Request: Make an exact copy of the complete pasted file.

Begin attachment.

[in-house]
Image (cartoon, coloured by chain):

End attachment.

[in-house]
Image (cartoon, coloured by chain):